Before we sink our teeth into the upcoming episode of Grimm, let’s take a look at what we saw last week to refresh our memories.
In a ‘Monster of the Week’ series with a central storyline, we get episodes that are separate from the plot. These episodes serve to give us a break from the heavier elements of the story and focuses on a smaller, more self-contained threat. It’s the showrunner’s way of saying ‘let’s take a break from the crazy plot twists’.
This isn’t that episode.
Although this episode downplays the main storyline to focus on our suspect and their situation, we learn more about Renard and how the potion is affecting him (which I’m sure many have been dying to see after the focus on Juliette’s memory loss). We also see our resident Hexenbiest Adalind getting chummy with Renard’s half-brother, which only serves to scream ‘trouble next episode’.
While I know many of us were itching to learn more about the potion’s effects and Adalind’s plans, I feel that this should have been carried over to the next episode.
This could have been a self-contained episode and still showed what’s happening to our favourite royal bastard. There are some great subtle moments where we see Renard on edge around Nick and some interesting looks that he and Juliette share upon their first meeting since the kiss.
The aforementioned Adalind scene, however, could have been cut and we would have lost almost nothing save suspense for the next episode.
There’s also no reason this episode couldn’t have focused on Renard instead. In the show Supernatural we’ve had an episode that followed Bobby rather than the Winchester brothers. I’m surprised that’s not what William Bigelow, the writer this episode, went with given the focus on Renard’s subplot.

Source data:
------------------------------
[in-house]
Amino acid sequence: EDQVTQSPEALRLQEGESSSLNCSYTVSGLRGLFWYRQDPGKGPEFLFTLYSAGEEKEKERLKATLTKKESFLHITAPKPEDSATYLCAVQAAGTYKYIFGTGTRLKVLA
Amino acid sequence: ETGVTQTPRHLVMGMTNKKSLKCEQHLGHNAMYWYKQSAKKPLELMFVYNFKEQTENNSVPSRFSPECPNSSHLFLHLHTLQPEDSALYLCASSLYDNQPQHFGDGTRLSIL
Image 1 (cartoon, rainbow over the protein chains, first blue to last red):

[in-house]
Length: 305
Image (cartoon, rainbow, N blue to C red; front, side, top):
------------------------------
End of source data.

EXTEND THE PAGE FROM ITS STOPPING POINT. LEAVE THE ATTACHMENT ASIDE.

Now that’s out of the way, let’s talk about the case this time around.
We all know about overbearing parents who push their kids to be the best of the best: it’s one of the most abused storylines in Hollywood.
I groaned when Doctor Higgins told her son Pierce he probably shouldn’t go out because he has homework. It’s a little more downplayed than most examples, yet this episode’s set up feels weak. It’s hard to look away when Bigelow dangles a very obvious suspect and motive in front of my face. The Lowen-shaped red herring went completely over my head
I admit that I leant more towards the mother because Pierce is her son and children are generally innocent (keyword: generally). The fact he’s being put under a lot of pressure and his friends are dying also makes him more sympathetic than his mother.
Thankfully, the twist was shocking enough to make the more cliché moments worth it. I’ll say nothing more on that and let your imaginations run wild.
Despite the weak spots in the story, I feel that this episode could have stood on its own if we hadn’t spent so much time following Renard and Adalind. We come here every week for Nick’s tale, but I can’t help but feel that this weakened the episode.
I’m looking forward to finding out what the shift in Renard’s character means for Nick and Juliette—I just hope it’s integrated into the story better than it was here.
Review by Greta Rehak